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# Introductory Psychology:

Statistical Analysis
AP PSYCHOLOGY: UNIT I

## The use of mathematics to

organize, summarize and
interpret numerical data
Statistical Analysis:
The Basics on Distributions
PART ONE
Analysis: The Basics on Distributions

 Frequency Distribution
 A table or graph that shows how often different
numbers or scores appear in a particular set of scores
 Histogram
 A bar graph that shows a frequency distribution

 Polygon
 A line graph that shows a frequency distribution
Analysis: The Basics on Distributions

## Glasses # of Glasses of Water

of H2O People 7
1 0 6
2 1 5
3 2 Histogram 4
4 4 Glasses of Water 3
5 5 7 2
6 6 6 1
5 0
7 5
4 1 2 3 4 5 6 7 8 9 10
8 4 3
Polygon
9 2 2
1
10 1
0
Frequency Distribution 1 2 3 4 5 6 7 8 9 10
Analysis: The Basics on Distributions

##  The Normal (Bell) Curve

 A special frequency polygon in which the scores are
symmetrically distributed around the mean

## Used as a guideline for

intelligence, height, weight, etc.
Analysis: The Basics on Distributions

##  Positively Skewed Distribution

 Scores are concentrated at the low end of the
distribution
 Negatively Skewed Distribution
 Scores are concentrated at the high end of the
distribution
 Bimodal Distribution
 Frequency distribution in which there are two high
points rather than one
The height
of hobbits

The height
of NBA
players
Statistical Analysis:
Descriptive Statistics
Descriptive statistics PART TWO

## are used to organize

and summarize data

## Key Descriptive Statistics

1. Central Tendency
2. Variability
3. (Correlation Coefficient)
Analysis: Descriptive Statistics

## WHY is the description of data important?

Analysis: Descriptive Statistics

##  Measures of Central Tendency

Numbers that
 Mean
best represent
 The arithmetic average of ALL the most typical
scores in a distribution score of a
 (Impacted by outliers) frequency
distribution
 Median
 The middle score in an ordered
distribution of scores; the 50th percentile
 (Not impacted by outliers)

 Mode
 The most frequent score in a distribution of scores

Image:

 (Not impacted by outliers)
Ali Ben Carol Sara Evan Greg Hal Inga Jay Mary

## Mean IQ Score (114.6)

Median IQ Score (101)

## Outliers IMPACT the mean!

Analysis: Descriptive Statistics

 Measures of Variability
Refers to how
 Range
much the scores
 The difference between the highest & in a data set
lowest scores in a distribution vary from each
 Standard Deviation other and from
the mean
 The measure of the average
difference between each of the values in a data set
 (If the scores are clustered around a central
point, the measures of variability will be
SMALLER…)
Scores are more spread out Scores are
and NOT clustered around a clustered around
central point; larger range a central point;
and standard deviation smaller range
and standard
deviation
Standard Deviation in Action
Standard Deviation in Action
68.3% of population

1SD 1SD
Standard Deviation in Action
95.4% of population

2 SD 2 SD
Statistical Analysis:
Inferential Statistics

PART THREE

## “Are these results statistically significant?”

Analysis: Inferential Statistics

 Inferential Statistics
 Statistical analysis of two (or more) sets of data to:
1. Reduce the possibility of error in measurement
2. Determine if the differences between the data sets are
greater than chance variation would predict
 Inferential statistics look for statistical significance
 A statistical statement of how likely it is that an
obtained result occurred by chance
 A t-test is used to determine whether two means are
significantly different; yields a p-value
Analysis: Inferential Statistics

 p-value
 A measure of confidence in the observed difference

##  Allows researchers to determine the probability that

the difference was due to chance
 A p-value of LESS than 0.05 (<o.05) is the common
criterion for statistical significance
 Translation
 The probability that the results are due to chance
alone is less than 5 times out of 100
 One can be 95% certain that the results are real and
not due to chance alone
Correlational Method

 Correlation expresses a
relationship between
two variables.
 Does not show
causation.

## As more ice cream is eaten,

more people are murdered.

Does ice cream cause murder, or murder cause people to eat ice cream?
Types of Correlation
Positive Correlation Negative Correlation
 The variables go in
 The variables go in the
SAME direction. opposite directions.

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